Barracoon: The Story of the Last “Black Cargo,” by Zora Neale Hurston was considered too incendiary a work to publish when it was written in the 1930s. It was based on the interviews Hurston conducted with Oluale Kossula (or Cudjo Lewis) the last survivor of the last slave ship. Now after all this time, the book has been published for mass circulation. Marty is joined by the book’s editor, DEBORAH PLANT, an African American literature scholar, and AUTUMN WOMACK, assistant professor of African American Studies and English at Princeton University to discuss the book’s history, Kossula’s story, and what we can learn from the words of America’s last known survivor of the transatlantic slave trade. Philadelphia-based actor JOHNNIE HOBBS, Jr. also reads poignant moments from the book.
Imani Perry is a Professor of African American Studies at Princeton University. In this conversation with University of Texas Sociology Professor Ben Carrington, Perry discusses Hall’s work as foundational for her own intellectual trajectory as a cultural theorist.
Likewise, Perry addresses Hall’s relevance for understanding a U.S. context by noting that the questions Hall asks around political economy, the rise of neoliberalism, race, class, and culture are important for making sense of what is happening in the United States because “we are all grappling with legacies of empire and capitalism and racialization.”
Perry argues that although we see different iterations of these issues as they move around the world, Hall’s theorizing is prescient for making sense of questions of globalization. The conversation also addresses Hall as a model for being a public intellectual who neither postures nor self-aggrandizes but rather is about conversation and engagement with and a responsibility to different public.
Carrington and Perry discuss how Hall’s work is useful for understanding not only Brexit, but also the rise of Donald Trump in the U.S. Perry explains that she understands these issues as part of an “anxiety about the growth of precarity, globalization, and neoliberalism, and the kind of vulnerability that [these issues] produce for whiteness,” as well as an appeal for a return to conventional imperial relations. Hall’s work, which addresses the intersection of historical forces that produce these anxieties, helps us to think about these issues, although he does not necessarily give us the answers. Hall provides a model for how to read the world around us ethically.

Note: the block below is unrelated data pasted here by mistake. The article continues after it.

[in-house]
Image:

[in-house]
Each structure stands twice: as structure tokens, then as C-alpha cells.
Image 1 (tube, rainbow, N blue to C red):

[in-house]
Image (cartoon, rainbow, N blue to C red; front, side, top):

All conversations in the Stuart Hall: In Conversations series with Ben Carrington can be found here.
This conversation between Bill Moyers and Toni Morrison took place in 1990. At the time, Morrison taught creative writing and African American Studies at Princeton University.
“Let America be the dream the dreamers dreamed.”
That’s from Langston Hughes’s poem, “Let America Be America Again.”
MPR News Host Kerri Miller asked intellectuals, artists and musicians and activists to speak about what it means to be an American. Professor Eddic Glaude participated in the series.
Every conversation in the series kicked off with this iconic line, and expanded in new directions.
“There’s something about the South that is so fundamentally American. Right? That the soil is soaked with the blood of our contradiction. That the region is haunted. And it’s haunted by its past and present. And so you have this amazing civility. The smile. Southern hospitality is real. Once you cross over into my home state people are smiling.”
“I went to Bozos, this wonderful seafood place, Kerri, when I was home for my homecoming recently. I usually go home to take my mama to the fair. And I came home a week early and I was going to get me this wonderful 12-inch seafood po’ boy. And I walk into this place, and this real grisly, stereotypical southern white man says, ‘Hey, don’t I see you on television?’ And I said yes. And he said, ‘Boy, you look as good in person as you do on television.’ And then he said, “I don’t agree with much of what you say, but keep saying it.” -Eddie Glaude Jr.
Glaude grew up in Mississippi. He is now a Professor of Religion at Princeton where he chairs the Department of African American Studies. His newest book is “Democracy in Black.”
A writer that influenced him: James Baldwin